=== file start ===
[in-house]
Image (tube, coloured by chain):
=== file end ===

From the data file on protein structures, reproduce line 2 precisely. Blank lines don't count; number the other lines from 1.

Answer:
Image (tube, coloured by chain):